Parenting with Fairness {or, Sometimes I overreact}

 Life isn’t fair. We all have a justice-meter built into us and we are gifted by God with an acute sense of when we have been slighted or when an injustice has been committed against us.

As a parent, being fair is important. It’s important that my children each know they are loved and cherished and worth fighting for. It’s valuable to teach my children about justice and the way God sees right and wrong

But as a parent, I get just plain tired of settling disputes and meting out appropriate discipline.

Somedays, I want to be that old lady in the shoe, if you know what I mean.

Spotting injustice in the world at large is fairly easy. It’s harder to see the injustice that we, ourselves, commit, but I know I’m guilty from time to time.

I get upset over inconveniences, for example. 

I know to choose my battles but sometimes, at the end of the day, I realize that I’ve died on a thousand hills over issues that were really just petty. Like spilt milk and bread crumbs and socks on the floor - just minor infractions. But when you line them up one after another and you add in all the reminders given, all the instructions repeated, and all the grace you can muster, there’s a domino effect that occurs.

First, I sigh pathetically loud and heavy. Because that’s really effective.

Then, I start naming names. I have a list of four and I start with the most likely culprit, according to the crime committed. Everyone is guilty until proven innocent in the Court of the Tired Mom and no one gets time off for good behavior. 

Next, if naming the assumed offender doesn’t produce confessions of guilt, I might choose to make new laws: You will all (fill in the blank); No one is allowed to (insert privilege) until (name appropriate consequence); Everyone needs to stop (blank) and start (blank).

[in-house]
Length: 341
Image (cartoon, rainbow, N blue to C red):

That’s effective, too. 

The result is usually a cleaner house, exasperated children, and a longer list of laws to enforce.

bread crumbs

Sometimes I’m embattled over embarrassments because someone made it past my less-than-observant eye and into town with their hillbilly clothes on.

Or someone gets too rowdy for my liking.

Or someone says something that is a Deep Family Secret and the color of my face betrays my attempts to be calm.

These are the times I use subliminal messages to convey my deep disappointment to my children. I give The Look, which involves one eyebrow, a lowered chin, and a clenched jaw. 

Sometimes it works. And by “works”, I mean that it produces a change in behavior.

The problem is that many of my feeble attempts at correction are more like manipulation, and they don’t really affect a heart change. They also don’t induce maturity in my children, which is often what is lacking when they spill their milk or wear their rubber boots to the grocery store. 

Maturity takes time and discipline.

Embarrassment is never a just cause for discipline. Neither is inconvenience, but I’ve been guilty of handing out consequences for both.

Thankfully, being aware of injustice in my parenting means there is hope for me to make adjustments. 

I know that messes get cleaned up - I can relax about a few crumbs because it’s not like they’re going to be there forever. And spilt milk is really just an opportunity to teach my child to mop the floor, right?

I know I’m more prone to over-reacting when I’m tired - that’s not the time to tackle issues with my children, and if it’s been an issue for awhile, it’s not going to hurt anything to wait until I’m more rested and in a better frame of mind to deal with it.

I also know that being proactive goes a long way in keeping peace, sanity, and order in the home - I know I need to plan ahead for town trips and church by making sure my kids know what to wear and what time to be ready.

Life isn’t fair and I don’t want my children to be consumed with fighting for their own rights. I’d rather them see natural consequences in their own lives, and seek God for ways to solve injustice in the world around them.

I’m hoping that it starts with forgiveness for injustices within the family, and a love of mercy on all accounts.

"He has shown you, O man, what is good; And what does the LORD require of you But to do justly, To love mercy, And to walk humbly with your God?" - Micah 6:8 NKJV

Linking up with The WellspringImperfect Prose, and  #TellHisStory